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Home The News News Premier views pig fever measure

Premier views pig fever measure

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Premier William Lai, second right, speaks at a pig farm in Taichung’s Cingshuei District yesterday.
Photo: Ou Su-mei, Taipei Times

Premier William Lai (賴清德) yesterday inspected the disposal of leftover pig food at a hog farm in Taichung and called on farmers and all Taiwanese to join hands to guard against African swine fever.

The government has been stepping up measures against the disease since China reported its first infection in August and illegal Chinese pork imports continue to be intercepted by customs officials.

Following President Tsai Ing-wen’s (蔡英文) visit to Yunlin County hog farms on Saturday, Lai yesterday visited Rueising livestock farm in Cingshuei District (清水) to inspect processes meant to reduce the chances of infection.

When foot-and-mouth disease reached Taiwan in 1997, the nation suffered economic losses exceeding NT$170 billion (US$5.5 billion at today’s exchange rate) and culled more than 4 million pigs, leaving a scar on the domestic hog industry, Lai said.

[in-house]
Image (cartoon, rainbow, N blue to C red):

If African swine fever enters the nation, its impact might be more severe than foot-and-mouth disease, given that it can be transmitted in numerous ways and survive in frozen pork for up to 1,000 days and in refrigerated pork for 100 days, he said.

Without a vaccine or cure available, the disease might ruin the domestic hog industry, which has an annual revenue of more than NT$200 billion, Council of Agriculture (COA) Deputy Minister Lee Tui-chih (李退之) said, calling on people to protect the famous Taiwanese dish rice with braised pork and other pork dishes.

“Disease prevention should be considered a battle,” and every single livestock farm is like a castle defending the front line, Lai said.

Many Taiwanese work on pig farms in China, so they might carry the virus into the nation, he said, urging farmers to maintain required quarantine measures and control the movement of personnel, vehicles and equipment on farms.

Food is one of the virus’ main transmission channels, but it can be eradicated if leftovers are heated to 90°C for one hour before being fed to pigs, he said.

Farmers without heating devices can use fodder instead of leftovers and the government would provide subsidies for such a switch, Lai said.

The nation has 2,045 hog farms that use leftovers to feed pigs, while the council is helping 67 farms without heating devices to switch to fodder, COA Acting Minister Chen Chi-chung (陳吉仲) said on Saturday while accompanying Tsai in Yunlin.

Lai asked local governments to set up standard procedures for burying pigs in preparation for the possible arrival of the disease.

The number of dead pigs might exceed the total capacity of incinerators and disposal firms, he said.

Additional reporting by CNA


Source: Taipei Times - 2018/12/24



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